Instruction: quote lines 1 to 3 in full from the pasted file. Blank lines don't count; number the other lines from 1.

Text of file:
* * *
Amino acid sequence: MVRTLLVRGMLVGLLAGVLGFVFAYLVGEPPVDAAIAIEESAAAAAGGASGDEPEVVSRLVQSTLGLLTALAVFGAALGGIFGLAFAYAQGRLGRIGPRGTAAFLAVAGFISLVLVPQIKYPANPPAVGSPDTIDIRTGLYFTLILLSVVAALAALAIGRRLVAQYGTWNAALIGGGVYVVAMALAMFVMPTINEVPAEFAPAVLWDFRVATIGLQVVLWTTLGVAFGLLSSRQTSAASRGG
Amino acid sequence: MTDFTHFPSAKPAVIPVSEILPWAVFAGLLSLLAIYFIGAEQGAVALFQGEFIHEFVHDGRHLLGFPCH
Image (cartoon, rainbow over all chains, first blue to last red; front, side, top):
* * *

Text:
Amino acid sequence: MVRTLLVRGMLVGLLAGVLGFVFAYLVGEPPVDAAIAIEESAAAAAGGASGDEPEVVSRLVQSTLGLLTALAVFGAALGGIFGLAFAYAQGRLGRIGPRGTAAFLAVAGFISLVLVPQIKYPANPPAVGSPDTIDIRTGLYFTLILLSVVAALAALAIGRRLVAQYGTWNAALIGGGVYVVAMALAMFVMPTINEVPAEFAPAVLWDFRVATIGLQVVLWTTLGVAFGLLSSRQTSAASRGG
Amino acid sequence: MTDFTHFPSAKPAVIPVSEILPWAVFAGLLSLLAIYFIGAEQGAVALFQGEFIHEFVHDGRHLLGFPCH
Image (cartoon, rainbow over all chains, first blue to last red; front, side, top):